Friday, July 2, 2010

There's No Place Like Home

This is a fictional piece written years and years ago as a start to a longer short-story, but never got finished. My question to you is "As it stands now, does this piece make you want more .... or does it make you want to just move to the next story?

“Are you coming or going?”

“Me? Oh, I’m going home.”

“Home? How long have you been gone?”

“7 years. It’ll be nice to get back.”

Karry smiled slightly as she stared out the window of the plane. The conversation between the two women sitting behind her faded in the background as she watched the baggage handlers throw more luggage into the plane. Home. After seven years, the woman still called it “home”. She probably had her own house, maybe a husband and a couple of kids. But she was flying to some town 3 hours away that she hadn’t seen in seven years and she referred to THAT as “home”.

Karry couldn’t imagine ever referring to the house that she grew up in as “home”. Hell, she never thought of it as home when she lived there, where she spent most of her teenage years counting the days until she could escape. There. That place. The house. Never “home”.

It’s not like there was such a place she could point to as “the place I grew up” since her parents moved every two years, or, as Karry liked to put it, “…every time the rent was due.” It wasn’t a skill she could put on her resume, but before Karry was 14, she had learned to move to a new house fast, and at night.

“Excuse me. Excuse me?”

A voice interrupted her thoughts. Karry looked up to see a woman looking at her.

“I’m in the middle seat. Is that your bag?”

Karry looked in the seat next to her and saw her canvas bag.

“Oh. I’m sorry. Yes, it’s mine,” she said, as she picked up her bag and shoved it under the seat in front of her.

“Thanks,” the woman said, as she squeezed into the row while trying to push her own canvas bag under the seat and get out of the aisle at the same time. She finally got her bag in the storage area then started lifting one hip then the other, trying to get her seat belts out from under her.

“Usually this flight isn’t this full,” she said as she finally got her seat belts adjusted and fastened.

Karry gave her a polite smile and turned quickly back to the window. The last thing she wanted was a talkative “travel buddy”. She wasn’t one of those people who liked to chit-chat with strangers while waiting on delayed planes or while standing in line at Starbucks. She often thought about what made her seemingly so different from the other folks who thought it was so normal to strike up a conversation with a perfect stranger, as if they had been friends and neighbors for years.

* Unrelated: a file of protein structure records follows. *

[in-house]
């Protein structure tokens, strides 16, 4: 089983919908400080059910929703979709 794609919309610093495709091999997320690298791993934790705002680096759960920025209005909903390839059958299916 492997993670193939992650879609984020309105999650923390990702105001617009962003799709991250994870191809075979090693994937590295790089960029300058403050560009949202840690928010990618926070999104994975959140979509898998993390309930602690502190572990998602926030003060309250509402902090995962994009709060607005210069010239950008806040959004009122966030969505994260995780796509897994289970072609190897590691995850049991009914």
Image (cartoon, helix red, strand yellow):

Maybe that was it. Karry never lived in one place long enough to make long term friends or really get to know the neighbors. She went to three different schools the year she was in the sixth grade. She had never learned how to be friends with anyone, because she knew in a few months she’d be moving to a new school. It was easier to be a loner and not connect with anyone.

A voice came over the intercom. “Ladies and gentlemen, we’d appreciate you quickly taking your seats so we can have an on-time take-off. If you are having problems finding a space for your luggage, one of our flight attendants will be happy to help you.”

Karry tuned everything out after that. She flew so often she had every speech memorized by now anyway. As one the sales reps for her company, she was gone about 10 days a month. She had moved up quickly in her company, getting 3 promotions in 4 years. Sometimes she had to pinch herself when she looked around and saw the evidence of her success. Her large house, the BMW she drove, even something as simple as getting her nails done every week. Growing up as one of the poor white trash in her small town, she never imagined she’d get to this position.

She pulled her book out of her purse and opened it to where she left off. But it soon lost her attention as her thoughts drifted back to the year she was in sixth grade….

Other things may change us, but we start and end with the family. ~Anthony Brandt


  1. when she was in sixth grade....

    AND .....

  2. At the risk of sounding like Oliver in the workhouse (Oliver Twist), More,...please.